Beelzebub's rotted heart actually beat for a thump or two in his chest. The sword. The flaming sword that had first been an angel's, then tainted and claimed by War herself. If Crowley knew where it was, and Belial had Crowley...

With a roar of pure wrath and greed, Beelzebub smashed out of his office, littering dead assistants in his wake on the way to Belial's domain.


Aziraphale waded out of the shallows on the far side of the river Styx, smiling and beaming like a new father. Behind him the Wrathful and Sullen were no longer fighting each other in the water or drowning each other under it. Instead they were engaged in something that very closely resembled (but couldn't possibly be) synchronized swimming.

He fluffed his feathers out, fanning them a bit to get nice and dry, waving cheerily as the Sullen competed in water aerobics to see who got to blow the whistle for the next set.

It seemed Hell wasn't nearly so bad as its PR department liked to make out. He'd met with some of the nicest folk, down here. A kind word here, a little helpful suggestion or two there. Really, one is never too busy for courtesy. He always said so. And just look at those happy, well-choreographed swimmers behind him. Some of his best work, if he did say so.

"All in a day's work, my boy," he murmured to himself.

Whistling merrily, he climbed up past blasted trees and scorched, salted earth, unaware that the very footsteps he left behind him bloomed and flowered with life.

His whistle hit a bit of hitch as he climbed over the embankment, though, then faded altogether as he rounded a rock. Up ahead the inner wall rose ominously, sullenly shouldering aside the clouds and looming with intent. Inside lay the Malicious sinners, and ringing the wall were the Fallen.

Now if you, as previously discussed, had been the slender, bookish type in your early years, and were at all used to being shut in your locker or having your head stuffed down the loo by the school bullies, then you may begin to have some inkling of what Aziraphale felt when looking at his Fallen comrades.

Now double that horrible, gut-sinking feeling by roughly one thousand and add in the likelihood of being torn limb from limb while laughing, raucous harpies fed on your flesh and your erstwhile brothers violated your still bleeding corpse, and you might be a bit closer to the mark.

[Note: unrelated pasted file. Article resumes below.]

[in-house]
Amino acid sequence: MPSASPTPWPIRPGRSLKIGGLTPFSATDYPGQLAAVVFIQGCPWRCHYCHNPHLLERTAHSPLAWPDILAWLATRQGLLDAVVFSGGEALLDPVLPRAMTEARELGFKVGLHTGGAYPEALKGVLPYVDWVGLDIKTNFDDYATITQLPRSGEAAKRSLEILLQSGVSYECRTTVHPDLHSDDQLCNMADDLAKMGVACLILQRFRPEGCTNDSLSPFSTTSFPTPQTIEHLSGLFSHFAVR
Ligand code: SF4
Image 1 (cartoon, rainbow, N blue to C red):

"Oh dear. Erm... "

"And lo, the Principality of the Eastern Gate approaches. But where is his sword?" boomed Zebulon.

"He hasn't got it!" sniggered Beburos. "Gave it to the human woman, he did. She was so cold, and fat with child!"

"Fat lot of good it'd do him anyway," teased Aker. "With those plump, prissy little hands, he's more likely to drop it than swing it."

"Bet he used to lube up that handle, make it real good for himself," lisped Esdras.

"Now I say!" Aziraphale's shocked outrage sent a ripple of harsh, jarring laughter along the Fallen. "That's quite enough of that talk. I'm looking for Crowley, and though I don't expect you to help or do anything nearly as un-demonic as all that, I would rather appreciate it if you'd let me by."

The derisive, mocking laughter had them rolling off the wall and had Aziraphale seriously flustered by this point. "Well, I never. Well! Fine, if you won't help, just... "

"Just what, little angel snack," screeched a harpy, and Aziraphale whirled to see that he'd been flanked from behind. He spun back again, wings high and tight, to face the suddenly close bunch of Fallen from the front.

"It's been so long since I've had me a fresh one," Esdras purred, and Aker and Beburos and Zebulon all surrounded him with their Hellish, evil eyes and hungry smiles.

And then a sound, a horribly familiar sound, floated up out of the walled city and across the gathered host. It was a scream. It was Crowley's scream, filled with fear and horror and the pain of unimagined suffering yet to happen.

"Oh Crowley," breathed Aziraphale.

And the scream kept sounding, reverberating in his head, maddening, deafening, until all he could hear or think about was making it stop. He clamped his hands to his ears, but couldn't keep it out. It destroyed carefully built walls in his psyche, crumbled resolve and decimated promises he'd made over and over again to himself.

There was a warmth at the back of his mind, tainted and fouled with a redheaded woman's laugh. He'd given his sword away in mercy, and it was his, always his to take back. But Red had had her way with it and he knew he shouldn't because... because something. It was slipping away. All his good intentions and well-reasoned thoughts were dissolving like sand under the waves of Crowley's agony.

Why not take the sword? Just for a minute. He could help Crowley, and then he'd give it up again. He could give it up whenever he chose. It was his, after all. And listen to Crowley scream and scream. Dear Father in Heaven how could he be expected to think with his dearest friend's agony ripping him to shreds like this?

And then a blinding pain ripped across his senses, and he opened his eyes and stared dumbly at his bloody chest. Esdras was licking his knife blade clean of Aziraphale's blood, and Aziraphale, the quiet, content, bookish little angel, saw Red.

Without thinking he took a step forward. And another. There was a brilliant, vital blaze in his clenched hands, now, and the Fallen around him fell back with each step he advanced. But it wasn't nearly enough to stop the rage. He burned with the power, was greedy to see their fear, was eager for the war.

And in his wrath, his War-maddened desperation, Aziraphale's friendly, carefully crafted earthly form started to crack. So powerful was his Divine Passion that human flesh couldn't survive its radiance, nor could human form endure.6

He grasped his flaming sword with both hands and swung with Grace and murderous intent. His incandescent self was unbearable to the darkened eyes of his Fallen brothers. He stabbed bloodless chests, parried useless counters, gutted and hacked apart damned filth, and used his wings to bludgeon and fell the weak, mewling creatures of the Pit. He spun and danced a grave, terrifying dance of Illumination, raining fiery Justice down on their unworthy souls.